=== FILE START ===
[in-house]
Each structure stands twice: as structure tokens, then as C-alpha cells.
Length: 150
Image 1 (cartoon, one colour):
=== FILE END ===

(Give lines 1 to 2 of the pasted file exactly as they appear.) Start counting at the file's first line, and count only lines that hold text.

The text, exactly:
[in-house]
Each structure stands twice: as structure tokens, then as C-alpha cells.